Canon PowerShot S95 full review
Canon’s 10-megapixel S95, upgrade to the S90, is aimed at photo enthusiasts who value the portability of a snapshot model but don’t want to forego creative control. Notably, it includes a manually operated function ring that encircles the lens barrel. Key functions, such as adjusting focal length in incremental steps, can be attributed to this and activated with a time-saving twist of the wrist.
As well as improved handling, the S95 is slightly slimmer than its predecessor with a depth of 29.5mm, yet incorporates a 3.8x optical zoom lens that offers a focal range equivalent to 28-105mm in 35mm film terms. A pop-up flash is sunk into the top plate, while a shooting mode dial at the opposite edge includes Smart Auto, which compares any subject against 28 pre-programmed variables. With no optical viewfinder, pictures are composed via a clear 3in, 461k-dot resolution LCD.
Like Nikon’s P7000 and Panasonic’s LX5, the PowerShot S95 feels solid despite its smaller form factor. Canon has thoughtfully provided a roughened texture to its flat surface, the same as on its EOS 7D DSLR, to stop fingers slipping – useful in the absence of a handgrip.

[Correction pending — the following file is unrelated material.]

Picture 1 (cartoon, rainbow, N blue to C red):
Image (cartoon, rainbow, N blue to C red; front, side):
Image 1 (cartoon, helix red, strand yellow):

Perhaps the biggest stumbling block is the S95’s asking price. At just shy of £400, you could alternatively secure an entry-level DSLR. Still, as well as manual control you get to shoot unprocessed Raw files alongside standard JPEGs, multi-frame HDR images to preserve both highlight and shadow detail, plus, less surprisingly, HD movie recording capability – here 1,280 x 720 pixels at 24fps with stereo sound. Canon has also found space for HDMI output alongside standard AV port under a flap at the camera’s side. Unfortunately, because of the optical zoom’s operational buzz, only the digital zoom is accessible when shooting video.
Stills-wise, we found the S95 to be a reliable tool, delivering even exposures and colours that erred on the side of the naturalistic, with minimal barrel distortion when shooting at maximum 28mm-equivalent wide-angle setting.